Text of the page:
Who and How

The BuB takes place over several stages. In Stage 1, the CSO Assembly members are selected and the CSO Assembly forms. In Stage 2, the Assembly reviews and analyzes social and economic data and selects priority projects to recommend to the Local Poverty Reduction Action Team (LPRAT). Also, the LPRAT identifies the ones to select and a Local Poverty Reduction Action Plan (LPRAP) is prepared. In Stage 3, implementation of projects is done through the coordination of participating agencies’ regional and/or provincial offices and partner LGUs.

Stage 1

The CSO assembly and the LPRAT workshop are the main components of the process and they are both situated at the local level. The BuB process provides for the convening of a general assembly of CSOs who elect their representatives to the LPRAT to determine local priority projects. This happens at least once a year. The CSO assemblies are convened by city and municipal level officers of the DILG, facilitated by a Community Mobilizer (CM) from the DILG, with the support of the provincial representatives of the basic sectors in the National Anti-Poverty Commission (NAPC).

According to the Guidelines for FY 2016, the schedule of the CSO assembly is announced by the CM through invitations to CSOs and posters in the city/municipal hall at least two weeks before the CSO assembly. The list of CSOs invited and information about the person/office who may be contacted by other local CSOs who wish to be invited is also posted in the municipal bulletin board of the city/municipal hall at the same time. DILG posts the schedule of all CSO assemblies on the DILG website and on the OpenBuB Portal. The CM gives an orientation to CSOs on the BuB Program during the Assembly, and the CSOs independently select individuals who will represent CSOs in the LPRAT.

Those elected as representatives to the LPRAT are to be accountable to, and in their actions as representatives, guided by the decisions and agreements of the CSO Assembly. They render reports to the CSO assembly at the regular meetings and through letters or email when and where applicable.[ref]

LPRAT membership is based on equal representation of government and CSOs: half of the membership in the LPRAT is from the government, and the other half is from the CSO sector. Forty percent of the LPRAT membership must be women. The team is co-chaired by the Local Chief Executive and a CSO representative. Other members include:

  • Sangguniang Panglungsod/Bayan member, Chairperson of the Committee on Appropriation.
  • President of the Liga Ng Barangay
  • All local government department heads, such as the Planning Officer, Budget Officer, Agriculture Officer, Social Welfare and Development Officer, and Health Officer.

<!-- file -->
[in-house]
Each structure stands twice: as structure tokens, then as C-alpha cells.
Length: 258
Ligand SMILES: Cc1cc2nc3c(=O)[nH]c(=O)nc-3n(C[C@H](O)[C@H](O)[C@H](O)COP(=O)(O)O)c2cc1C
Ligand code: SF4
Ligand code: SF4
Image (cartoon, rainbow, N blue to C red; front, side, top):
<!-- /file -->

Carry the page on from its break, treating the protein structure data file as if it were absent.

• Representatives of national government agencies (NGAs). These include Department of Social Welfare and Development Municipal Links, PESO (Public Employment Service Office) Manager, the DILG City/ Municipal Local Government Operations Officer, the School District Supervisor, and the Agrarian Reform Officer.
  • A representative from the business sector.[ref]
  • Representatives of CSOs (must be residents of the community):
  • A Pantawid-Pamilya Parent-leader;
  • A leader from Department of Health organized Community Health Teams;
  • A leader of parent-teacher associations;
  • A leader of CSO-accredited LGUs;
  • A leader of CSOs recognized or accredited by NGA;
  • A leader of women’s groups;
  • A leader of basic sector organization;
  • A leader of other community or grassroots organization;
  • In cities/municipalities where Indigenous Peoples (IPs) comprise over twenty-percent (20%) of the population, one of the elected representatives must come from the IP sector.

Elected officials at the national and local levels, including the barangay, their immediate relatives (spouse, parent, sibling, child), and LGU employees are ineligible to be elected as CSO representatives.

Regional Poverty Reduction Action Teams (RPRATS) provide support and guidance to the LGUs throughout the BuB Process. The RPRATS also monitor implementation of the BUB projects. The RPRAT includes as Chairperson the DILG Regional Director and as Vice-Chairperson the DBM Regional Director. Members come from various national government agencies and also include a CSO representative per province, as identified by the NAPC.

There are two modalities under the BuB Process: the regular BUB Process and the Enhanced BuB Process. The regular process is employed for areas that are not covered by the Kapit-Bisig Laban sa Kahirapan (Comprehensive and Integrated Delivery of Social Services) or the National Community-Driven Development Program[ref] (Kalahi-CIDSS Program), while the enhanced process is for local government units that are either currently in the Kalahi-CIDSS program or that have graduated from it. While under the regular BuB Process, an LPRAT is formed, under the enhanced process, the LPRAT performs its functions as a technical working group of the Local Development Council.[ref]

-Regular BUB Process: